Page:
Obama Signs Executive Order to Create Task Force on 21st Century Policing

Obama Signs Executive Order to Create Task Force on 21st Century Policing

Obama Signs Executive Order to Create Task Force on 21st Century Policing

The panel's goal is to strengthen bond between police and communities.

Published December 18, 2014

President Obama on Thursday signed an executive order to create a Task Force on 21st Century Policing. The panel will be co-chaired by Philadelphia police commissioner Charles H. Ramsey and Laurie Robinson, a professor at George Mason University and former U.S. assistant attorney general, and Ronald Davis, who heads up the Justice Department's Community Oriented Policing Services office, will serve as executive director.

The president announced plans to create the task force and its leaders earlier this month. On Thursday, he disclosed the names of the members who will serve on it, which the White House described as a diverse group of law enforcement representatives, community leaders, academics and youth leaders. An initial report and recommendations on how to strengthen public trust and relationships between law enforcement and the communities they are supposed to serve and protect while also reducing crime is expected by March 2.

White House senior adviser Valerie Jarrett in a conference call with reporters late Thursday described the task force's work as "critically important" to the president.

"He has emphasized again and again the need to meet our challenges head on and to be honest about the complexity of the problems we face," Jarrett said. "To make meaningful progress, we need to build complex coalitions and spur ongoing discussions and actions at all levels of government and throughout our community, and he is determined to lead that effort."

The task force is expected to conduct public hearings, meetings and teleconferences to gather input and testimony from a broad range of sources from academics and other experts to community residents from around the nation, Davis explained. Obama also has instructed the group to engage young people in their work.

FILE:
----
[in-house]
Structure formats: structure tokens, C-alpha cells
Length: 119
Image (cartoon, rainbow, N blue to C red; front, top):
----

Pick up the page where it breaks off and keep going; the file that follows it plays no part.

After turning in its preliminary report, the president may task the group with additional work and implement their recommendations through executive orders or to craft legislation.

In recent weeks, law enforcement in various cities have expressed frustration and sometimes anger at the suggestion that they are not doing their job. They have demanded apologies in some cases from professional athletes who've worn T-shirts with such phrases as "I Can't Breathe" or made the "Hands Up, Don't Shoot" gesture on basketball courts and football fields.

Given their mood, might the task force meet a wall of resistance?

According to Jarrett, "police are very interested in making sure that they are always looking at best practices" and seeking ways to build and strengthen the bond of trust between themselves and their communities.

"I do think there's a spirit in our country that is motivated toward change. It's going to be difficult and challenging. Some of the conversations may be tense, some of them may be very uncomfortable, but I think what the president is determined to do is create an atmosphere where we can have those conversations safely and that people can disagree without being disagreeable," Jarrett said. "That's why it's been terrific to see so many young people involved in nonviolent demonstrations around the country and that builds momentum and also helps motivate change."

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(Photo: Kevin Dietsch/UPI/Landov)

Written by Joyce Jones


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